The differences on immigration, benefits, Brexit, NHS, legitimate rights, essentially the policy mix, will continue to unbalance the party whoever Truss’ successor is.
London: Having claimed to be a fighter and not a quitter, Prime Minister Liz Truss made her final U-turn and resigned. She will remain as Prime Minister until her successor is chosen. A leadership election will be completed this week, nominations will close at 2 pm on Monday. Nominations require a Parliamentary Party proposer and a seconder plus a hundred names of MPs in receipt of a Conservative whip; the proposer and seconder will be made public, but the supporters will be kept private by request. If only one candidate secures 100 backers that candidate will automatically become PM. Any candidate with less than a hundred names will be eliminated; hustings will be held before the remaining candidates will be put to MPs for an “indicative vote” to show Conservative Party members, who the Parliamentary Party wants as PM, then the final vote goes to Conservative Party members, who will choose online from the final two, with results expected on Friday evening.
Liz Truss finally realised she was not capable of delivering her low-tax/high-growth vision. Her signature mini-budget bombed, party unity worsened with defections likely, the stoking to make Labour’s fracking ban in the Commons into a confidence vote on the PM was unprecedented—despite a three-line whip, 32 Tories did not take part in the vote. The outcome was no Tories voted to ban fracking. During the summer hustings, former Chancellor Rishi Sunak described Truss’ monetary and fiscal plans as a fairy tale, Sunak’s prediction was soon vindicated. MPs who supported Sunak actively turned against the PM, which made the Tory party ungovernable. And then Suella Braverman turned turtle on the PM by undoing all the good work on the UK-India FTA, with her immigration comments and then icing the cake with her pointedly critical resignation letter, which drew everyone’s attention to the fissures and factions in Conservative ideology. These differences, on immigration, benefits, Brexit, NHS, legitimate rights, essentially the policy mix, will continue to unbalance the party whoever Truss’ successor is.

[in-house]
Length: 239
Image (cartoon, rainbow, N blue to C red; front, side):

Let’s get to the likely candidates: Boris Johnson, Rishi Sunak and Penny Mordaunt.
Former PM Boris Johnson backed Liz Truss most likely because he knew it gave him an opening to his parting promise of “Hasta la vista, Baby”. Boris backers for Truss have reverted to Johnson as have some members of the European Research Group. Johnson has a hard core of loyalists within MPs, members, donors and the public; he still has the people’s mandate from when he was elected with a stupendous majority in 2019 and his manifesto is still current. It would be wrong to underestimate the pulling power of Boris Johnson; policy wise he is very focused on levelling up and climate change. If Johnson can overcome the allegations of misleading Parliament and convince the media that only he has the charisma and commitment to stabilise, unify and to win the general election in 2024, his political comeback could be only six weeks after moving out of No10.
Rishi Sunak, the Tory MPs’ first choice last time, the bookies’ favourite this time and predictor of the market’s reaction to Truss’ vision. Will these factors and Sunak’s fiscal conservatism have influenced the members enough? Many are still fuming with Sunak for deserting Johnson or persecuting Sunak for his personal wealth, which they believe makes him unable to identify with more ordinary folk. In March 2021, The Sunday Guardian published that Sunak was in pole position for the next general election. In a survey on 18 October YouGov research found that Conservative members regretted electing Truss and would vote for Sunak given the chance again, their chance to put their money where their mouth is has come.
Penny Mordaunt, presently Lord President of the Council and Leader of the House of Commons, made a very positive impression when she led the Ascension Council ceremony for King Charles III. The Sunday Guardian published a short profile in November 2017. Since then Mordaunt has been Minister for Women and Equalities, Secretary of State for Defence, Paymaster General, Minister of State for International Trade and participated in numerous committees. Her credentials for PM are well rounded and in spite of speculation of alliances with other candidates, she has stood her ground. Mordaunt has constantly featured in lists of leadership contenders and does not want to be subordinate to anyone. In her last campaign, Mordaunt claimed she was the candidate Labour feared the most, a winning message with Tory grassroots.
Who will each candidate choose as their Chancellor is the million-dollar question. At the time of writing Sunak leads with 64 names, Johnson with 59 names (including 17 names who have exercised their right to remain anonymous) and Mordaunt with 20 names, that is only 143 MPs out of 357; polling is erratic and contradictory, Monday is a long way away.